Posted on 12 Apr 2013 by Neilson
Representatives of the reinsurance industry have come out against a White House proposal to end tax breaks on premiums paid to affiliates domiciled outside the United States, saying the "protectionist" tax policy would limit capacity and drive up the cost of insurance.
President Barack Obama's April 10 budget proposal says ending the tax breaks would cut $6.2 billion from the federal deficit by 2023. In a Treasury Department document explaining the proposal, the administration argues that current policy creates "an inappropriate incentive for foreign-owned domestic insurance companies to reinsure U.S. risks with foreign affiliates."
If approved by Congress, the change would affect policies issued in taxable years beginning after Dec. 31.
However, the Coalition for Competitive Insurance Rates said in a statement that Obama's proposal "appears to ignore the facts" about benefits provided by giving foreign reinsurance affiliates a tax incentive to write policies in areas of the country that are prone to natural disasters. The coalition is made up of business organizations, consumer advocacy groups, insurers and their associations.
International insurance companies are expected to pay nearly 50% of the losses incurred from Hurricane Sandy. CCIR said the international share is currently estimated at $9 billion and could potentially reach $12 billion.
CCIR also cited the role foreign reinsurance affiliates have played during the record-setting droughts that destroyed crops across the country. Corn farmers, for example, produced less than three-fourths of the corn the U.S. Department of Agriculture anticipated when planting was done in the spring. CCIR said current estimates project that foreign reinsurance affiliates will pay $1.2 billion to cover privately insured crop losses, approximately 85% of total anticipated payouts.
"The ability to pool U.S. hurricane and earthquake risks with the risks for typhoons in Japan or earthquakes in Latin America means U.S. coverage costs less than it would without reinsurance, making it therefore essential for U.S. consumers and businesses. Throwing up a protectionist wall to block globally-provided reinsurance is a risk that U.S. businesses cannot afford, and would invite trade retaliation against the U.S. from our largest trading partners," Carolyn Snow, Risk and Insurance Management Society's board liaison to the society's external affairs committee, said in a statement.
Louisiana Insurance Commissioner James Donelon, who serves as president of the National Association of Insurance Commissioners, also released a statement opposing the White House proposal.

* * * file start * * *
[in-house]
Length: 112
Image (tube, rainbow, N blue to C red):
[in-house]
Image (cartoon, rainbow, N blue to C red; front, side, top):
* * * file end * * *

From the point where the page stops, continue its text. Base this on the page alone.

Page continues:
"As we reflect on the disastrous events of the past year, it is clear that the U.S. needs a robust insurance market that is open to as many competitors as possible and encourages foreign direct investment, Donelon said.
Last year, economic consulting firm The Brattle Group released a study of legislation introduced by Rep. Richard Neal, D-Mass., and Sen. Robert Menendez, D-N.J., that would have ended the tax break for premiums paid to foreign reinsurance affiliates. The report found that ending the policy would reduce the net supply of reinsurance in the United States by 20%, raising premiums by $11 billion to $13 billion.
A separate coalition composed of 13 U.S.-based insurance groups threw its support behind the Neal-Menendez legislation, arguing the tax break could ultimately destroy the domestic reinsurance industry. The Coalition for A Domestic Insurance Industry's members include W. R. Berkley Corp., Berkshire Hathaway Inc. and Chubb Corp.
The White House budget proposal also recommends reducing subsidies given to farmers to purchase crop insurance, a move crop insurers have opposed in the past.
The budget includes $11.7 billion in cuts to federal crop insurance subsidies over the next decade. The White House estimates the federal government will save $37.8 billion over the next 10 years by combining those cuts with limits on direct farm payments and reduced spending on conservation programs.
The proposal argues that crop and livestock productions have reached all-time highs, making it difficult to justify income support payments to farmers.
Under the White House proposal, crop insurance subsidies would drop by $513 million in 2014, with cuts increasing annually from then on.